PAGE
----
One of the first steps in performing an arc flash calculation study is to request short-circuit data from the electric utility company. This kind of request is pretty routine, and utilities have been providing this type of data for short-circuit studies for years. The problem is the data used for a short-circuit study may not be suitable for an arc flash study.

Is infinite bus the worst case?

Many utilities provide what is known as an “infinite bus” value of short-circuit current, which assumes there is an infinite amount of short-circuit current available at the primary of the main transformer. Only the transformer impedance limits the short-circuit current available on the customer’s secondary side. This approach usually works well for short-circuit studies since it results in the worst-case maximum current.

Short-circuit studies—infinite bus = good

One of the main reasons utilities use the infinite bus value is that the electrical system is continually changing. New transmission and distribution lines, substations, transformers and similar additions are often necessary to accommodate load growth. Each new addition creates more electrical paths, which can cause the short-circuit current to increase. Basing the short-circuit study on an infinite bus will result in the worst-case maximum short-circuit current, which is a good assumption for short-circuit studies.

Arc flash studies—infinite bus = bad

Infrastructure additions may cause the short-circuit current to increase over time; however, temporary switching changes can cause the current to decrease as well. Equipment can be taken out of service either accidentally or because of maintenance or other switching procedures. Removing equipment from service means there are fewer electrical paths to an area, which can reduce the available short-circuit current. Most of the time, this happens without the customer being notified.

If infinite bus is the worst-case maximum, can’t we just ignore cases that result in lower short-circuit current? If this was a short-circuit study, the answer could be yes—ignore the lower values. However, since this is for an arc flash study, a lower short-circuit current could result in greater incident energy, which could be the worst-case scenario. During an arc flash, a smaller short-circuit current may cause the upstream protective device to take longer to operate. Even though the current is reduced, a longer duration can lead to a greater overall incident energy and a greater hazard.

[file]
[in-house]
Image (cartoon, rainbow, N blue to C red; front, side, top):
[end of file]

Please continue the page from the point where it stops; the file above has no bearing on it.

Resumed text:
An alternative

It’s common that the utility can only provide an infinite bus value, and in such a case, the options become very limited. One method to work around this problem is to begin with the infinite bus data. Yes, I know I just contradicted myself, but the infinite bus is just the beginning and would be used to develop a base case for the study. After the initial infinite bus arc flash calculations have been performed, the calculated incident energy is compared to the protective clothing and personal protective equipment’s arc rating. If the incident energy is less than the arc rating, you are off to a good start.

Next, create several alternate scenarios by slowly reducing the transformer’s primary current from infinite to lower values. This can be done by initially assuming a very large primary source current—large, but less than infinite! With each successive scenario, continue reducing the source value in increments of perhaps 10 or 20 percent. After each reduction, compare the new results to the protective equipment’s arc rating and verify that it is still adequate.

Reaching a lower value of current where the arc rating is no longer sufficient is usually an indication that the short-circuit current fell below the instantaneous trip setting of a protective device. The increase in incident energy can most likely be attributed to a longer duration from the device’s time delay. Continue this process to determine how low the utility short-circuit current can be reduced and still maintain a sufficient arc rating for the protective equipment.

This method may not provide a perfect answer, but in the absence of more specific electric utility data, it will help establish a range of source short-circuit current where the protective equipment is sufficient and creates a confidence factor for the study.

By Jim Phillips | Brainfiller, Inc. |
Originally Published: July 2011 | Electrical Contractor Magazine